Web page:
Style During Social Distancing: Dressing for Work When You’re Not Going Anywhere

A coworker comes to every Zoom meeting in a bathrobe. A professor who dressed in a suit every day for in-person class now teaches in PJ shorts and a t-shirt. Walmart sales for dressy shirts go up, but since a webcam only shows heads and shoulders, sales of dress pants and skirts stay the same

Welcome to workplace fashion in the time of the coronavirus. Offices and schools around the U.S. have switched to remote operations to help slow the spread of COVID-19. Amidst the sudden transition, professionals and college students across the country are finding a sweet spot between sleepwear and business attire. 

“Now, I pretty much wear athleisure even when I’m Skyping with clients or other, more senior people,” Ava Chafin, a Deloitte consultant in her mid-20s, said. “I don’t really see a huge need to get dressed up for that, just because we all know we’re at home.” 

Though many are experiencing it for the first time under new social distancing measures, the switch from cubicles to Skype screens isn’t a new phenomenon. In 2018, nearly a quarter of the U.S. workforce spent some hours teleworking on an average day, according to Brookings. This trend toward working from home has made it difficult to define even “the office,” much less the office dress code.  Nordstrom

Jean McElvain, a University of Minnesota fashion professor and associate curator at the school’s Goldstein Museum of Design, noted that videoconference attire can demonstrate how the line between employees’ professional and personal lives can blur while teleworking.  

“My boss, the director of the museum, wanted to remind us that we did have to dress for Zoom meetings,” McElvain said. “Apparently, some people have gotten really lax, and there would be, like, people wearing pajamas to their Zoom meetings, or not having a shirt on – you know, things that make you comfortable in your home.”

Many professionals and college students, though, are not choosing to wear the clothes (or lack thereof) that make them most cozy or relaxed during their usual work or school hours. Aside from raising virtual eyebrows from peers in the Zoom room, the comfiest outfits can also hinder efficiency and motivation.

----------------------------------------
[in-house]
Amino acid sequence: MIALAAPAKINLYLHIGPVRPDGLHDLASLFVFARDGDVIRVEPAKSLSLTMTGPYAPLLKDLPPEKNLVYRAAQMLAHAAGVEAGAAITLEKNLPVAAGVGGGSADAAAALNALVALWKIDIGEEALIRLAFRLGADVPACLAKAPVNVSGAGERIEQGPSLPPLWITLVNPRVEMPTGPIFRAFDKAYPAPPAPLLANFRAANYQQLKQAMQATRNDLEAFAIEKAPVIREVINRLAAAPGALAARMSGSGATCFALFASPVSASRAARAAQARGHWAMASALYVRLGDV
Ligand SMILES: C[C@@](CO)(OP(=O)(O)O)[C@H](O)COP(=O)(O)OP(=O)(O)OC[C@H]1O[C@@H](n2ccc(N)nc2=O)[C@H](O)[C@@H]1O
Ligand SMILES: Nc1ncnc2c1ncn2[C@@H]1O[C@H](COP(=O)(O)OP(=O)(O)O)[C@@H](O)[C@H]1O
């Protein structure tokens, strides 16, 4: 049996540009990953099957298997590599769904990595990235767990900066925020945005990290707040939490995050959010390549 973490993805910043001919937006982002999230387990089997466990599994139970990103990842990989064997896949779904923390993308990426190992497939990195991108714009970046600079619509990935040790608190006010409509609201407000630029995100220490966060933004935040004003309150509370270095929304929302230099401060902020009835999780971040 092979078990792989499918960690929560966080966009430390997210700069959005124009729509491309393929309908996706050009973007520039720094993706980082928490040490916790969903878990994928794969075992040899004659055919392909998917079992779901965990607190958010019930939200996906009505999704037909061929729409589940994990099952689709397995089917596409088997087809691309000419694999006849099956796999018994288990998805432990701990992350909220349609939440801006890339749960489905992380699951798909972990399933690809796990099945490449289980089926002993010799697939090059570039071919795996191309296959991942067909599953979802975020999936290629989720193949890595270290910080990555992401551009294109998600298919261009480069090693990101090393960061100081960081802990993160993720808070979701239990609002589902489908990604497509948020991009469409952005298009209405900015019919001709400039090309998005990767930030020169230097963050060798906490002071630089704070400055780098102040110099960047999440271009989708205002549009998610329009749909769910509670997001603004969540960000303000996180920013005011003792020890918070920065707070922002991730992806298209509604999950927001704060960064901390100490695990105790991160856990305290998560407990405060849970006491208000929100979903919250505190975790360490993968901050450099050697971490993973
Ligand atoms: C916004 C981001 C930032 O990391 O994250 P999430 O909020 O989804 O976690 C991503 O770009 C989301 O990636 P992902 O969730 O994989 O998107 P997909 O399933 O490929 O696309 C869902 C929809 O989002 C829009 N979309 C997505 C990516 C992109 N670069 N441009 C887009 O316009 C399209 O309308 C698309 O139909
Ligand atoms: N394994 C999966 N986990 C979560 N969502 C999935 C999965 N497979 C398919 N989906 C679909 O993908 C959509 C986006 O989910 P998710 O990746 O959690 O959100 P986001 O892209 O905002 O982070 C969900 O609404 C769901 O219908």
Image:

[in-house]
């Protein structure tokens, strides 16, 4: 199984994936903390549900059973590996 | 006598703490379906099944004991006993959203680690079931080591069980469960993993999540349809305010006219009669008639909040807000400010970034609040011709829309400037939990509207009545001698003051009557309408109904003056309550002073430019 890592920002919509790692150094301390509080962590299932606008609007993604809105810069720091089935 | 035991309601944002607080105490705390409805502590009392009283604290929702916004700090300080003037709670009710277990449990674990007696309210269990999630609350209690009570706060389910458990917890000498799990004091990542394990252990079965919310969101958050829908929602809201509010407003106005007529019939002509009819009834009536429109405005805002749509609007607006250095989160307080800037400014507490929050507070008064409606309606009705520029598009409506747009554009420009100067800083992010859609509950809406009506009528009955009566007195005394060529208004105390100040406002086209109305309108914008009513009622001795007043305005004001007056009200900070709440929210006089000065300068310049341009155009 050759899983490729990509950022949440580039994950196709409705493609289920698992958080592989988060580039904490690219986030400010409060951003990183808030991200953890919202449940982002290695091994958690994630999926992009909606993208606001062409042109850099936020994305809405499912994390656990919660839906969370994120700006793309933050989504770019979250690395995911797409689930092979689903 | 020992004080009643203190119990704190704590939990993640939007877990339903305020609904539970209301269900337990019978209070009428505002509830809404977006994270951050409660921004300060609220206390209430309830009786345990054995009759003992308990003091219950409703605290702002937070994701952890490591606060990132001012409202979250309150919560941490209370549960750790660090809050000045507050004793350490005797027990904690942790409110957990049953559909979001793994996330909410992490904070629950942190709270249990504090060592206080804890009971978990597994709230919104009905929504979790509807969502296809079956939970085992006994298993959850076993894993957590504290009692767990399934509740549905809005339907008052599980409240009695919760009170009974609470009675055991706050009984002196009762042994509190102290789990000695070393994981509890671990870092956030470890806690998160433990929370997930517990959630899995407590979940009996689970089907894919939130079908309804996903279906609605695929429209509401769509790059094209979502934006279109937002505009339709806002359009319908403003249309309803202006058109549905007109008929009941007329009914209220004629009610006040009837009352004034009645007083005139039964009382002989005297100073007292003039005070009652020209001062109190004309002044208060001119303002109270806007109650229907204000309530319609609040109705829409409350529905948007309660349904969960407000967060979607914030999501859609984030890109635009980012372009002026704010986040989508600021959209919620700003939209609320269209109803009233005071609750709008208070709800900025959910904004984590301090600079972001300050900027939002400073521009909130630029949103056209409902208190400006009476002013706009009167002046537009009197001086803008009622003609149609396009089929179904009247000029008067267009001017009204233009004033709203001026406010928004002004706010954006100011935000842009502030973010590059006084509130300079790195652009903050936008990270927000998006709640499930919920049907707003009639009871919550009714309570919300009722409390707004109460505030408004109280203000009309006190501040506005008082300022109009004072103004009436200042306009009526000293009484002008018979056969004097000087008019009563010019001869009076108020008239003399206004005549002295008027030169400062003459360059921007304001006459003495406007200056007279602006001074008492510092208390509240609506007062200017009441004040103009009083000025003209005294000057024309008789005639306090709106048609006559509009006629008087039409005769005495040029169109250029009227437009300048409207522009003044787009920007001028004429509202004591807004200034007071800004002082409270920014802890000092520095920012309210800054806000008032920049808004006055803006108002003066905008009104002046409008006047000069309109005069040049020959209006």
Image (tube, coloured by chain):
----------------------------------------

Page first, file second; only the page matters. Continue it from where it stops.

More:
“It is important to me to change into something, like, normal during the day,” Andy Masley, a physics teacher in Fairfax County, Virginia, said. “If I was in pajamas all day, I think that would really probably affect my productivity.” 

College students, newly thrust into online learning and gearing up for the papers, projects, and exams that pile up at the semester’s end, have also noticed that the clothes they wear impact their ability to get work done.  

a photo of an open planner Free-Photos | Pixabay

“I feel like I am more productive the days that I do put myself together more,” Cailin Mahoney, a graphic design major at St. Cloud State University in Minnesota, said. She added that on days when she knows she has to do a lot of work, she dresses more like she would if she were still on campus.

These observations about the connection between clothing and effectiveness are backed up by social science research, which has long concluded that the clothes people wear affect the way they view themselves and their work. One 2012 study found that wearing a lab coat associated with doctors increased participants’ success in detail-oriented tasks that required sustained attention. Another study, published in 2015, found that wearing formal clothing increased people’s perception of themselves as powerful, which in turn improved their conceptual thinking abilities. 

Dawnn Karen, a psychology professor at the Fashion Institute of Technology, a practicing psychologist, and a newly published author, has made a career out of helping people harness this link between their clothing and their cognition. Karen is a world leader in the emerging field of Fashion Psychology, which her website describes as an “academic discipline focused on the study and treatment of how color, beauty, style, image and shape affects human behavior.” 

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Informally, Karen describes her practice as one that combines the purposes of a stylist, an image consultant, and a traditional talk therapist. She aims to help people align their internal attitude with the clothing they wear.